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boundary-natural or artificial-prevent the union of all our
energies, in building up an eminent, honored and thriving
State. May you be prospered in all your laudable aims, and
after performing the high duty of legislating for a patriotic
and confiding people, return in health to the comforts and
friendships of your respective homes.

Within three months from the date of this official document, its author had passed from earth, and at the meeting of the next legislature, Governor Richardson said: "The Territory has lost one of her brightest intellects, one whose genius and attainments had inspired his many friends with high hopes and marked out for him a brilliant and useful future. T. B. Cuming, Secretary of the Territory, has been called away forever.”1

The legislature having referred this message to a committee, the following report was made by its chairman, Hon. R. W. Furnas, subsequently governor:

Thomas B. Cuming was appointed secretary of the Territory of Nebraska by Franklin Pierce, President of the United States, upon the organization of the Territory, and entering at once upon the discharge of the duties of his office, he arrived here in the month of September, 1854. By the untimely decease of Governor Burt, he succeeded to the supreme executive and became ex-officio Governor of Nebraska. How ably he filled that office, those living can testify. In the organization of the first legislature, surrounded as he was by conflicting elements, threatened by fierce contending factions, standing in imminent danger of personal violence, he wavered not once in his fealty to the general government, nor in his fidelity to the trust reposed in him. Throughout the whole duration of those troublesome times he pursued a policy, the sagacity of which was proved by its success, and the wisdom of which is evidenced by the present prosperous position of the Territory which he governed. Upon the resignation of Governor Izard, he again assumed the executive office and from that time till near his death maintained it. He has been identified with the Territory ever since its organization, as one of its highest officers. He died with the mantle of authority still about him, in the land which he had chosen for his own; in the country which he had ruled so well. He was buried with his honors fresh upon him; from the halls where he was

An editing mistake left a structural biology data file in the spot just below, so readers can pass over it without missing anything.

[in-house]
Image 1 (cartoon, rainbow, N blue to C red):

1 Council Journal, 5th session. 15.
2 Council Journal, 5th session, 30-31.

wont to tread among a people that delighted to do him reverence. He was followed to his grave by those who were his friends, and the soil for which he had lived and labored received his remains. His requiem was tolled by the silence of those who knew what they had lost, and ‘if you seek his monument look around you.' Besides being for a long time the first executive officer of the Territory, he was in many respects the first man of Nebraska. And hereafter when the roll of the great men of the Territory is called, and the name of Thomas B. Cuming is pronounced the first upon the list, let the answer be as it was with the surviving comrades of La Tour, D'Auverne, first grenadier of the army of France, "Died on the field of honor." The closing moments of an existence, checkered as his has been by worldly contests, cannot but attract attention. His life was no holiday; but almost every moment of it had been passed in the busy thoroughfares of the world, and when finally prostrated by disease, the closing acts of his public life were characterized with the same energy and decision which made his character what it was. Your committee have in this hurried manner discharged the duty imposed upon them. They are conscious of their inability to present a report for your consideration commensurate with their estimation of the man, and their appreciation of Thomas B. Cuming as an executive officer. Your committee would close their report by expressing their earnest hope that here in the shadow of the Capitol, about whose arches the spirit of the deceased may linger; that here the memory of those sectional disputes among which the latter part of his life was unavoidably passed, will cause this legislature to avoid them, and unite for the furtherance of such measures as shall be for the good of the whole country.